Fantasy Counterpart Culture: Pars is Persia, Lusitania is a mix of Macedonia and the Kingdom of Jerusalem, Maryam is the Byzantine Empire, and Shindra is India.
As for religion, Pars and Shindra are polytheist while Lusitania and Maryam worship one god, Yaldabord. Lusitania is a lot more militant about it: they torture "heathens" and destroy art and scriptures that depict and mention other gods. To drive the point home, the current king of Lusitania is called Innocentius VII, an obvious reference to Pope Innocent III.
Heroic Bastard: Arslan. Only alluded to in the anime, expanded upon in the novels and the manga. In fact, he's not even of royal blood, he's the son of a cavalry soldier and a serving girl, whom he thought to be his nanny. He quickly proves that he is charismatic, kind, and intelligent enough to deserve his followers' loyalty and grow up into a great ruler regardless.
Hitchhiker Heroes: Arslan and his supporters who wander around Pars looking for supporters and allies. It starts out with only Darun, then gains Narsus (and Elam), Farangis and Gieve who make up the core of Arslan's growing group of allies. Originally none of them were very enthusiastic about it and supported Arslan only because they opposed the Lusitanian invasion, but eventually Arslan's personality won them over.
At first Darun was only following his uncle's orders, Narsus joined because he found Arslan interesting, Farangis because she hated Lustianian religious fanaticism and Gieve because Farangis joined, and because he hated oppression of all kind.
Hopeless Suitor: Gieve to Farangis, Arfrid to Narsus. Subverted a little in that both Farangis and Narsus are very much aware of their respective suitors' feelings, and they find the situation annoying.
Lady of War: Farangis is this trope personified. Incidentally, she's very much aware of her own skills and beauty. She can also drink her Hopeless Suitor Gieve under the table without losing her poise and dignity.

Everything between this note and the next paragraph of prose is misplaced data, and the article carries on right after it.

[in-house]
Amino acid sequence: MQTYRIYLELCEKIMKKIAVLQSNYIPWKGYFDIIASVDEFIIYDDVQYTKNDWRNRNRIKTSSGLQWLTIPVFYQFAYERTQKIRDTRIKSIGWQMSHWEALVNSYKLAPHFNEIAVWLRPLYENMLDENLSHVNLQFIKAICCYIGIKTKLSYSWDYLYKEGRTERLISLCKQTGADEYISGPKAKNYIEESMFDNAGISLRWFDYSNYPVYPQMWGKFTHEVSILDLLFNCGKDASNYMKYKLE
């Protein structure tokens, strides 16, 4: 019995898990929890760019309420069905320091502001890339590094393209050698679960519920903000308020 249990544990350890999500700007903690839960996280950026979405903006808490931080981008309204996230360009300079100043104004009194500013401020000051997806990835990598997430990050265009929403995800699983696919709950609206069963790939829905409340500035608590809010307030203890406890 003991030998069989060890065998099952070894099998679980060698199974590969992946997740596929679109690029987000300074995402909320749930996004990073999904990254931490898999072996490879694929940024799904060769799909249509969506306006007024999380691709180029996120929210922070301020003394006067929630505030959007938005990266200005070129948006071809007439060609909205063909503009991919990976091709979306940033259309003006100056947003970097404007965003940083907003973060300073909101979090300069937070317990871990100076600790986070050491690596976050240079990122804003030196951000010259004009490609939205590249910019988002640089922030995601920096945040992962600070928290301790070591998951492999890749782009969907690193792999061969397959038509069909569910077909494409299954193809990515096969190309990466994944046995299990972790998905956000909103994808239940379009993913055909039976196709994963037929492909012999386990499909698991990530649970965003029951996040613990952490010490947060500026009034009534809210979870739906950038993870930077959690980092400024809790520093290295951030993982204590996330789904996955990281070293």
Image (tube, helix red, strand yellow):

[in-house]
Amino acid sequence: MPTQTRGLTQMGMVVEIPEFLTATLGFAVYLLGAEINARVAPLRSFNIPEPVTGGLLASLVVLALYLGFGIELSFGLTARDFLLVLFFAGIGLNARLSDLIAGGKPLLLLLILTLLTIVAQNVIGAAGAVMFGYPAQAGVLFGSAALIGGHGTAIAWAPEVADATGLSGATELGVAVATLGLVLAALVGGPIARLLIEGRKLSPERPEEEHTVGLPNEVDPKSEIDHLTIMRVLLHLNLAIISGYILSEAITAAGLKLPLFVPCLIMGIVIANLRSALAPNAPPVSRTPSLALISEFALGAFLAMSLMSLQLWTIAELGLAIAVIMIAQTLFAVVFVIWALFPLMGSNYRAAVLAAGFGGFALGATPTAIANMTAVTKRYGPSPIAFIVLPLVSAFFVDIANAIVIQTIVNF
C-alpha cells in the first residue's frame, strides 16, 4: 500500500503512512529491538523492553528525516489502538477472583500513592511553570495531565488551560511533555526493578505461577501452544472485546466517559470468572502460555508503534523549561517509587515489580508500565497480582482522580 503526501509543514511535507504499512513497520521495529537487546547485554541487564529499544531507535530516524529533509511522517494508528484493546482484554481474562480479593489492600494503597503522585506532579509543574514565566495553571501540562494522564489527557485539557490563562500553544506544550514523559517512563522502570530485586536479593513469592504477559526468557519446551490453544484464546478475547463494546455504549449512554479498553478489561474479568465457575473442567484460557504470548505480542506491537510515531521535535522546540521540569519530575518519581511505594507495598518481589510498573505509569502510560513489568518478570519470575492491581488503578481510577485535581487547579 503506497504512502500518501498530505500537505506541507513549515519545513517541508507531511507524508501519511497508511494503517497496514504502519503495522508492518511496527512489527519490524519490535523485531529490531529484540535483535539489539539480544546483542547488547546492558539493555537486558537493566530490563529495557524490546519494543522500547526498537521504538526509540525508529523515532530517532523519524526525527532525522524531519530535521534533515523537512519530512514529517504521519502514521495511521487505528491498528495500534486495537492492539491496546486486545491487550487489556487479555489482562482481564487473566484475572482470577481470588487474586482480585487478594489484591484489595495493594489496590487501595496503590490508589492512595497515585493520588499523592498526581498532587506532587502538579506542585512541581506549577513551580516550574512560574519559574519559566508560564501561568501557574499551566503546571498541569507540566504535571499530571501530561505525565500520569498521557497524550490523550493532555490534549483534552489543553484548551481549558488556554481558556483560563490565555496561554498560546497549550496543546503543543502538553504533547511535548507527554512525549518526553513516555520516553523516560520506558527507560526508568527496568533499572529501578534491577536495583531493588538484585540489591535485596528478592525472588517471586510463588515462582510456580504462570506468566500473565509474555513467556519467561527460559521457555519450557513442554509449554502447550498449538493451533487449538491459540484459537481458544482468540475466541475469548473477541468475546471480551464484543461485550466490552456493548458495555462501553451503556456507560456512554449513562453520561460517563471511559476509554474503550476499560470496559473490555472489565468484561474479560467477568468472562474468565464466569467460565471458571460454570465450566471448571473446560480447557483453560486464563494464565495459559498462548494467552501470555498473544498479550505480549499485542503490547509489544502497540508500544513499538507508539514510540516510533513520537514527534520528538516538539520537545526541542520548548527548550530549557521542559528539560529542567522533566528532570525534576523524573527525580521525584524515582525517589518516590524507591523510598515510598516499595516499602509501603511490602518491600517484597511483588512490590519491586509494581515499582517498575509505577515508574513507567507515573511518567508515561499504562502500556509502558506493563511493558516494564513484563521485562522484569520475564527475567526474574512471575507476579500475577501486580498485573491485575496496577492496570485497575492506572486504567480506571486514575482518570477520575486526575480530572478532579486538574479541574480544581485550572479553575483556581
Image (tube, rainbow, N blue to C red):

Ladykiller in Love: Gieve, the smooth talker, falls head over heels for Farangis the moment he meets her.
Rescue Romance: Subverted. Gieve, finding Farangis surrounded by assailants, intends to sweep in, rescue her, and bask in her gratitude... but by the time he reaches her, she's handled the situation herself, leaving him stunned with admiration.
Played more straight in Arfrid's introduction scene, though also with a twist. She's trying to avenge his father on Hirmes but he easily disarms her. When Narsus shows up, she demands he give her his sword so she can continue fighting. Narsus rescues her instead, and eventually she decides she's in love with him.
The Queen's Latin: The first four episodes of the OVA were dubbed by Manga Entertainment's UK branch. The voice actors didn't fake American accents like in other Manga UK dubs.
Shirtless Scene: Gieve in episode 2, though technically he's full naked (as he's swimming in a pool).
Spell My Name with an S: And how. To start with, originally the names of characters and places either came from Persian legends (Arslan, Farangis, Giv, etc.) or are native to various languages like Farsi, Hindi, Urdu (Daryun, Elam, Etwar, etc. Many places mentioned in the story, such as Ecbatana or Atropatene, actually exist or existed in real life). The person who translated the anime to English treated the names as if they were random fantasy names, hence Arislan, Pharangese, Daryoon, Gieve and so on. The most jarring decision was turning Etwar/Ester into Etoile/Estelle, despite the very obvious ancient Middle-Eastern type setting. And then for the last two episodes of the OVA Executive Meddling happened on the Japanese side, and the spelling and pronunciation of the names were changed for all major characters, turning Arislan, Daryoon, Narsus, Pharangese, and Gieve into Arslan, Darun, Narcasse, Farangis, and Guibu.